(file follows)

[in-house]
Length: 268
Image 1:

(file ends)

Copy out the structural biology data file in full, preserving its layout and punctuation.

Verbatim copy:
[in-house]
Length: 268
Image 1: